Analyzing Character Reactions: Esperanza Rising: “Los Duraznos” | EL Education Curriculum

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ELA G5:M1:U2:L7

Analyzing Character Reactions: Esperanza Rising: “Los Duraznos”

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These are the CCS Standards addressed in this lesson:

  • RL.5.1: Quote accurately from a text when explaining what the text says explicitly and when drawing inferences from the text.
  • RL.5.3: Compare and contrast two or more characters, settings, or events in a story or drama, drawing on specific details in the text (e.g., how characters interact).
  • W.5.2: Write informative/explanatory texts to examine a topic and convey ideas and information clearly.
  • W.5.4: Produce clear and coherent writing in which the development and organization are appropriate to task, purpose, and audience.
  • W.5.9: Draw evidence from literary or informational texts to support analysis, reflection, and research.
  • W.5.9a: Apply grade 5 Reading standards to literature (e.g., "Compare and contrast two or more characters, settings, or events in a story or a drama, drawing on specific details in the text [e.g., how characters interact]").
  • L.5.4: Determine or clarify the meaning of unknown and multiple-meaning words and phrases based on grade 5 reading and content, choosing flexibly from a range of strategies.
  • L.5.4a: Use context (e.g., cause/effect relationships and comparisons in text) as a clue to the meaning of a word or phrase.
  • L.5.4b: Use common, grade-appropriate Greek and Latin affixes and roots as clues to the meaning of a word (e.g., photograph, photosynthesis).
  • L.5.4c: Consult reference materials (e.g., dictionaries, glossaries, thesauruses), both print and digital, to find the pronunciation and determine or clarify the precise meaning of key words and phrases.

Daily Learning Targets

  • I can describe how pages 214-233 of Esperanza Rising contribute to the overall structure of the story. (RL.5.1, RL.5.5)
  • I can analyze and write a paragraph about the reactions of characters to the strike in "Los Duraznos." (RL.5.1, RL.5.3, W.5.2, W.5.4, W.5.9, W.5.9a)

Ongoing Assessment

  • Character Reaction Note-catcher: "Los Duraznos" (RL.5.1, RL.5.3)
  • Character Reaction Paragraph: Miguel (RL.5.1, RL.5.3, W.5.2, W.5.4, W.5.9, W.5.9a)

Agenda

AgendaTeaching Notes

1. Opening

A. Reviewing Learning Targets (5 minutes)

B. Engaging the Reader: "Los Duraznos" of Esperanza Rising (20 minutes)

2. Work Time

A. Making Connections between the UDHR and "Los Duraznos" (10 minutes)

B. Analyzing Character Reactions to Miguel Losing His Job in "Los Duraznos" (20 minutes)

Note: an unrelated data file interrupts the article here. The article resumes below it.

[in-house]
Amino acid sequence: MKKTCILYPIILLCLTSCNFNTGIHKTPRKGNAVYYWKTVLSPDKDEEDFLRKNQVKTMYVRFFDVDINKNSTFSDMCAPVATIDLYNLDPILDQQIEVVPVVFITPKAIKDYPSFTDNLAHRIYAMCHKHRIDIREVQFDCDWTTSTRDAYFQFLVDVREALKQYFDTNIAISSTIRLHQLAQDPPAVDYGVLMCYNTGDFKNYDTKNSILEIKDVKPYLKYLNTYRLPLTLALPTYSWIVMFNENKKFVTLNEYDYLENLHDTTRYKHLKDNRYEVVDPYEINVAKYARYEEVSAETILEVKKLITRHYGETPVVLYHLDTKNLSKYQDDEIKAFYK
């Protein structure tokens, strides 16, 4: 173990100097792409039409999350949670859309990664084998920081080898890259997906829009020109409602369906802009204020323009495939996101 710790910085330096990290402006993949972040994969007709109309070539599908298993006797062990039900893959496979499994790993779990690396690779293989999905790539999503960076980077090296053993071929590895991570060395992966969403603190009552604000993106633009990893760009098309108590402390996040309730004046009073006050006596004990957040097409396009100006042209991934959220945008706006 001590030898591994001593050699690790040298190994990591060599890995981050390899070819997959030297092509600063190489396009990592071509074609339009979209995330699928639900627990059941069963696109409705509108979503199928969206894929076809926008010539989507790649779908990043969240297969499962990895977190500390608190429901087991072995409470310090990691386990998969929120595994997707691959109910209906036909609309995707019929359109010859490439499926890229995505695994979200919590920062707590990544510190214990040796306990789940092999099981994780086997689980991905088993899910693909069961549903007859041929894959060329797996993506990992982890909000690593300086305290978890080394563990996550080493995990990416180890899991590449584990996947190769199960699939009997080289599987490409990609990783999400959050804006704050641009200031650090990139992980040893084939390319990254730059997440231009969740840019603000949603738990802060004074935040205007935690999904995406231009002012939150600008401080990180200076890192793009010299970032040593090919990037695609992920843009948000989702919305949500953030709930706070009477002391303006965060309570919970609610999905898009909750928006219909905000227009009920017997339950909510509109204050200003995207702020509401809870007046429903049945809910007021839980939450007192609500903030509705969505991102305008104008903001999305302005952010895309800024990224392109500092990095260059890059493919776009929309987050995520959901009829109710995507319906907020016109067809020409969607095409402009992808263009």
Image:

3. Closing and Assessment

A. Group Writing: Miguel's Reaction to Losing His Job (5 minutes)

4. Homework

A. Complete Esperanza Rising: Questions about "Los Duraznos" in your Unit 2 Homework.

B. Accountable Research Reading. Select a prompt and respond in the front of your independent reading journal.

Purpose of lesson and alignment to standards:

  • In this lesson, students read the next chapter of Esperanza Rising, "Los Duraznos," and they analyze how the chapter fits into the overall structure (RL.5.1, RL.5.5). They then make connections between this chapter and the UDHR, looking for evidence of threats to human rights, before analyzing character reactions to the event of the strike (RL.5.1, RL.5.3).
  • Although the lesson is written for "Los Duraznos" to be a teacher read-aloud, this can be organized in different ways to meet the needs of your students. For example, students could read this in pairs or triads, taking turns to read, with a teacher-led smaller group of students who need additional support.
  • Many of the articles of the UDHR could be applied to each chapter. Students may make other suggestions than those recorded on the How Were the Human Rights of the Characters in Esperanza Rising threatened? anchor chart (example, for teacher reference).
  • In this lesson, the habit of character focus is on working to become an ethical person. The characteristic that students practice is respect as volunteers share out personal reflections on what happened in Esperanza Rising.
  • Students practice their fluency in this lesson by following along and reading silently in their heads as the teacher reads aloud "Los Duraznos" during Opening B.
  • The research reading that students complete for homework will help build both their vocabulary and knowledge pertaining to human rights. By participating in this volume of reading over a span of time, students will develop a wide base of knowledge about the world and the words that help describe and make sense of it.

How it builds on previous work:

  • In Lesson 6, students analyzed character reactions to an event in the chapter "Los Esparragos," just as they will in this lesson with the next chapter, "Los Duraznos."
  • Continue to use Goal 1 Conversation Cues to promote productive and equitable conversation.

Areas in which students may need additional support:

  • Students may need additional support analyzing Esperanza Rising and completing the note-catcher to show the reactions of each of the characters. Consider grouping students who will need additional support with this in one group to receive teacher support.

Assessment guidance:

  • Review student note-catchers to check that students are on the right track. Use common issues as teaching points for the whole group in Lesson 8.
  • Consider using the Reading: Foundational Skills Informal Assessment: Reading Fluency Checklist as students read Esperanza Rising in Opening B. See the Tools page.